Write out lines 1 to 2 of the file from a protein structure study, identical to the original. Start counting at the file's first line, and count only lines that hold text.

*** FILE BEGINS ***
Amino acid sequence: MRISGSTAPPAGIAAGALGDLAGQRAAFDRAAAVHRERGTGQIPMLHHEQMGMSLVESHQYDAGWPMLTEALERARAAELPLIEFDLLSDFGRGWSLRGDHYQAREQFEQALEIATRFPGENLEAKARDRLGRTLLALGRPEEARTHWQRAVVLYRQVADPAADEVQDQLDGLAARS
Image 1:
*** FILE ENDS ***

Amino acid sequence: MRISGSTAPPAGIAAGALGDLAGQRAAFDRAAAVHRERGTGQIPMLHHEQMGMSLVESHQYDAGWPMLTEALERARAAELPLIEFDLLSDFGRGWSLRGDHYQAREQFEQALEIATRFPGENLEAKARDRLGRTLLALGRPEEARTHWQRAVVLYRQVADPAADEVQDQLDGLAARS
Image 1: